Rescue at Chez Leon
Watch a YouTube video demonstration on how to perform adult CPR
The Chateaubriand steak Chez Leon offered to celebrate Valentine’s Day left one retired Fermilab employee temporarily breathless.
Don Carpenter choked during his meal, terrifying his wife but inspiring many current and retired Fermilab employees to brush up on their first aid skills.
Several diners, including the night’s heroes, and the entire Chez Leon staff plan to take refresher courses in CPR and the Heimlich maneuver.
Carpenter thinks that’s a great idea, and he’s thankful Fermilab employees were conscientious enough to have learned CPR in the past.
“I was lucky that someone was there who jumped to the rescue,” said Carpenter, who used to work in the fixed target area.
An average of about 4,000 people choked to death each year in the United States between 1999 and 2005, according to the National Center for Health Statistics at the Centers for Disease Control.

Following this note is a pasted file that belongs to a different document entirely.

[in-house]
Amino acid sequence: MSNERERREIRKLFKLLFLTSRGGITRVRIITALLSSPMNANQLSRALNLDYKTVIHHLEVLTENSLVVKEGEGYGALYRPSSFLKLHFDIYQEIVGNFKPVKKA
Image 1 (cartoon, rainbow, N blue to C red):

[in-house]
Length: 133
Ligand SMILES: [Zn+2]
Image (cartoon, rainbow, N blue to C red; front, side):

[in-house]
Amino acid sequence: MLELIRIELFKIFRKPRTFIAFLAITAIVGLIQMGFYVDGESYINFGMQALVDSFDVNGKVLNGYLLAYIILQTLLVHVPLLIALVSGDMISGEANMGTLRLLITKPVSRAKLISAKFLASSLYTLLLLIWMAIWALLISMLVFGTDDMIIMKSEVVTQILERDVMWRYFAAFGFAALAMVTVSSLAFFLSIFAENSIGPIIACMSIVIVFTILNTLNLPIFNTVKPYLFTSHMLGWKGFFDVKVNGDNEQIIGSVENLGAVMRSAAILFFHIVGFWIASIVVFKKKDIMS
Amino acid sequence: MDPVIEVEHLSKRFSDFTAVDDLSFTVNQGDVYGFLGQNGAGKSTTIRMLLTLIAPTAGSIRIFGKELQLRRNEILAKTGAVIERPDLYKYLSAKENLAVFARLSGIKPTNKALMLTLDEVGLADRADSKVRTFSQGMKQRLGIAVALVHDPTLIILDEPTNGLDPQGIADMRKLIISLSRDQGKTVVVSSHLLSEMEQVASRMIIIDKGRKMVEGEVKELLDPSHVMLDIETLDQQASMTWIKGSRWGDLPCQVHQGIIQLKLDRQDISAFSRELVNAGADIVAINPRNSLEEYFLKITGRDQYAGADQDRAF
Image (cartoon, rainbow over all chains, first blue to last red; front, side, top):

Carpenter was part way through his meal when he slowly turned blue and slumped over in his seat. Lauri Loebel Carpenter, who works in Fermilab’s Computing Division, asked her husband what was wrong, but he did not seem to hear her before he lost consciousness, she said.
“It didn’t look like choking,” she said. “It looked like a stroke.”
Rob Kutschke, of the Computing Division, and Al Thomas, a retired Fermilab employee, jumped up to help, pushing a few breaths into Carpenter’s lungs before freeing the beef.
“It felt like forever, but it was probably just a couple of minutes,” Loebel Carpenter said.
Carpenter was taken to the hospital and pronounced recovered. The nurses credited the quick response and knowing when to stop CPR with saving Carpenter.
Administering CPR at the wrong time, for too long or with too much force can cause injuries.
“Al was very gentle and stopped as soon as he was breathing again,” Loebel Carpenter said.
Learn how to do the Heimlich maneuver here.
Fermilab offers a three-hour CPR and defibrillator-use training course two or three times a month. The training certifies participants for two years and costs $35. Click here to enroll. You can also sign up for first aid classes through the American Red Cross or your local hospital.
-- Kathryn Grim